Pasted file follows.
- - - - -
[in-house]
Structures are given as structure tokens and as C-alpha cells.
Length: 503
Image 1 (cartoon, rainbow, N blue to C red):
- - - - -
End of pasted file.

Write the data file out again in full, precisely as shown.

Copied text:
[in-house]
Structures are given as structure tokens and as C-alpha cells.
Length: 503
Image 1 (cartoon, rainbow, N blue to C red):